Daily Prayer: Lord Jesus Christ, Thou has destroyed the power of death and given the hope of eternal life, for body and soul. Thou granted Thy Mother a special place in Thy glory and did not allow decay to touch her body. As we rejoice in the Assumption of the Blessed Virgin Mary, grant us renewed confidence in the victory of life over death. Amen
Day 7: Mary, Queen of every heart, accept all that we are and bind us to Jesus and to thyself, with the bonds of love, so that we may be thine forever and may be able to say in all truth: “I belong to Jesus through Mary.” Our Mother, Assumed into Heaven and Queen of the Universe, ever-Virgin Mother of God, obtain for us our petitions, if it be for the glory of God and the good of our souls. ……………………………….. (Mention your request) Our Mother, assumed into Heaven, we love thee. Give us a greater love for Jesus and for thee. O Queen Assumed into Heaven, pray for us. Amen
Quote/s of the Day – 12 August – “Month of the Immaculate Heart of Mary” – Memorial of St Clare of Assisi (1194-1253) and St Jane Frances de Chantal (1572-1641
“Go forth in peace, for you have followed the good road. Go forth without fear, for He who created you has made you holy, has always protected you and loves you as a mother. Blessed be you, my God, for having created me.”
“Love[ing] one another with the charity of Christ, let the love you have in your hearts, be shown outwardly in your deeds …”
Thought for the Day – 12 August – Meditations with Antonio Cardinal Bacci (1881-1971)
The Blessedness of the Merciful
“Let us meditate now on the mercy of God, which is infinite, even as His justice is infinite. “His mercy,” says St Thomas Aquinas, “does not subtract from His justice but, is the fullness and the perfection of that justice” (Summa Theologica 1,q 21, a 3 ad 2). All the merits which we can acquire in the sight of God derive from His gratuitous gift of grace. God’s mercy and justice, therefore, are fused together in a wonderful harmony which claims our gratitude and fidelity.
References to the mercy of God are numerous in Sacred Scripture. “You, Lord, are good and forgiving,” says the Psalmist, “abounding in kindness to all who call upon you” (Ps 85:5). “Blessed be the Lord,” we read elsewhere, “my rock, … my refuge and my fortress, my stronghold, my deliverer …” (Ps 143:2). “Goodness and kindness follow me all the days of my life and I shall dwell in the house of the Lord for years to come” (Ps 22:6).
When we leave the Old Testament and open the Gospel, we discover tht it is a record of the goodness and mercy of God. We have only to recall Christ’s forgiveness of the Magdalene when she wept at His feet for her faults; the merciful judgement which He passed on the poor adulteress; His loving glance in the direction of St Peter, who had denied Him; the grace so miraculously granted to St Paul on the road to Damascus and, the parables of the good Samaritan, the prodigal son and the good shepherd who went in search of the lost sheep. Finally, there are the consoling words to the repentant thief: “This day thou shalt be with me in paradise.” When we read this chronicle of infinite goodness and mercy, we should experience a boundless hope and confidence. Even our great sins and gross ingratitude, should not stop us from repenting with true and heartfelt sorrow and with deeds of penance and reparation. God is ready then to forgive us and to receive us with open arms.”
One Minute Reflection – 12 August – “Month of the Immaculate Heart of Mary” – Readings: Joshua 3: 7-10a, 11, 13-17; Psalms114: 1-6; Matthew 18: 21 – 19: 1 – Memorial of St Clare of Assisi (1194-1253) and St Jane Frances de Chantal (1572-1641
“Then Peter came up and said to him, “Lord, how often shall my brother sin against me and I forgive him? As many as seven times?” Jesus said to him, “I do not say to you seven times but seventy times seven.” – Matthew 18:21-22
REFLECTION – “He is our peace, for He has made both one. Since we think of Christ as our peace, we may call ourselves true Christians, only if our lives express Christ by our own peace. As the Apostle says: He has put enmity to death. We must never allow it to be rekindled in us in any way but, must declare, that it is absolutely dead. Gloriously has God slain enmity, in order to save us, may we never risk the life of our souls by being resentful or by bearing grudges. …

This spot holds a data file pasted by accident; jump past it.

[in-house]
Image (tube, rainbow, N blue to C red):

No, since we possess Christ who is peace, we must put an end to this enmity and live as we believe He lived. He broke down the separating wall, uniting what was divided, bringing about peace by reconciling in His single person, those who disagreed. In the same way, we must be reconciled not only with those who attack us from outside but also with those who stir up dissension within; flesh then will no longer be opposed to the spirit, nor the spirit to the flesh. Once we subject the wisdom of the flesh to God’s law, we shall be re-created as one single man, at peace. Then, having become one instead of two, we shall have peace within ourselves.
Now peace is defined as harmony among those who are divided. When, therefore, we end that civil war within our nature and cultivate peace within ourselves, we become peace. By this peace we demonstrate that the name of Christ, which we bear, is authentic and appropriate.
When we consider that Christ is the true light, having nothing in common with deceit, we learn that our own life also must shine with the rays of that true light. Now these rays of the Sun of Justice are the virtues which pour out to enlighten us so that we may put away the works of darkness and walk honourably as in broad daylight. When we reject the deeds of darkness and do everything in the light of day, we become light and, as light should, we give light to others by our actions. If we truly think of Christ as our source of holiness, we shall refrain from anything wicked or impure in thought or act and thus show ourselves to be worthy bearers of His Name. For the quality of holiness is shown, not by what we say but by what we do in life.” – St Gregory of Nyssa (c 335–C 395) – Bishop and Father of the Church – Excerpt from his treatise, On Christian Perfection
PRAYER – Holy God, grant we pray, Your Holy Spirit of love and divine grace to grow ever more in faith and love. . By our prayers and love for You and our neighbour, may we merit Your divine assistance. Lord Jesus, help us to dwell often on the manner in which we are following You. Let us strive each day to become more and more like You in all things and, to become beacons of Your Light, to all the world. St Clare of Assisi, and St Jane Frances de Chantal, you who were lights to all, pray for us,amen.